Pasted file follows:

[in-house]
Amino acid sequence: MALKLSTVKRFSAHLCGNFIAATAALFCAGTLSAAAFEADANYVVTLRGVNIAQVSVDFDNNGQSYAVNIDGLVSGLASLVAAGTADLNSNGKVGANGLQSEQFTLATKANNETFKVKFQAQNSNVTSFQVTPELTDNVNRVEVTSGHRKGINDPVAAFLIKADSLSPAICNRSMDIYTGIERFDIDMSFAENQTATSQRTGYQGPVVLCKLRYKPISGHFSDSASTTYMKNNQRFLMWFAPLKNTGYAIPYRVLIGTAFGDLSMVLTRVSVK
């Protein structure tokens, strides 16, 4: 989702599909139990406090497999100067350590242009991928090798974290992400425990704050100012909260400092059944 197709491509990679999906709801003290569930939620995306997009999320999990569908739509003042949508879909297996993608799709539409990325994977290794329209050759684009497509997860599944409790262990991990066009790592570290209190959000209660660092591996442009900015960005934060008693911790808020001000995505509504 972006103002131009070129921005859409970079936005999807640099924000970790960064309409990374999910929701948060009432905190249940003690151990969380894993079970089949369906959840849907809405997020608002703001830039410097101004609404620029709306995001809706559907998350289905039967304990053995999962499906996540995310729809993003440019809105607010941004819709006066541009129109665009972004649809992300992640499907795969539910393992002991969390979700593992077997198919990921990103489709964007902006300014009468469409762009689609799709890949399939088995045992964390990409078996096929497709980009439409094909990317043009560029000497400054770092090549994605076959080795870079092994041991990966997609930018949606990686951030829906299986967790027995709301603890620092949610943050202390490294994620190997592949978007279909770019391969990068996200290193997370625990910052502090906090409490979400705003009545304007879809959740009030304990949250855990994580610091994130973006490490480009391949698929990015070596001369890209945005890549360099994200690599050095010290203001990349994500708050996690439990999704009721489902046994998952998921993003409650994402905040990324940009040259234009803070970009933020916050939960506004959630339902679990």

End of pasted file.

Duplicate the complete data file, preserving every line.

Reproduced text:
[in-house]
Amino acid sequence: MALKLSTVKRFSAHLCGNFIAATAALFCAGTLSAAAFEADANYVVTLRGVNIAQVSVDFDNNGQSYAVNIDGLVSGLASLVAAGTADLNSNGKVGANGLQSEQFTLATKANNETFKVKFQAQNSNVTSFQVTPELTDNVNRVEVTSGHRKGINDPVAAFLIKADSLSPAICNRSMDIYTGIERFDIDMSFAENQTATSQRTGYQGPVVLCKLRYKPISGHFSDSASTTYMKNNQRFLMWFAPLKNTGYAIPYRVLIGTAFGDLSMVLTRVSVK
């Protein structure tokens, strides 16, 4: 989702599909139990406090497999100067350590242009991928090798974290992400425990704050100012909260400092059944 197709491509990679999906709801003290569930939620995306997009999320999990569908739509003042949508879909297996993608799709539409990325994977290794329209050759684009497509997860599944409790262990991990066009790592570290209190959000209660660092591996442009900015960005934060008693911790808020001000995505509504 972006103002131009070129921005859409970079936005999807640099924000970790960064309409990374999910929701948060009432905190249940003690151990969380894993079970089949369906959840849907809405997020608002703001830039410097101004609404620029709306995001809706559907998350289905039967304990053995999962499906996540995310729809993003440019809105607010941004819709006066541009129109665009972004649809992300992640499907795969539910393992002991969390979700593992077997198919990921990103489709964007902006300014009468469409762009689609799709890949399939088995045992964390990409078996096929497709980009439409094909990317043009560029000497400054770092090549994605076959080795870079092994041991990966997609930018949606990686951030829906299986967790027995709301603890620092949610943050202390490294994620190997592949978007279909770019391969990068996200290193997370625990910052502090906090409490979400705003009545304007879809959740009030304990949250855990994580610091994130973006490490480009391949698929990015070596001369890209945005890549360099994200690599050095010290203001990349994500708050996690439990999704009721489902046994998952998921993003409650994402905040990324940009040259234009803070970009933020916050939960506004959630339902679990």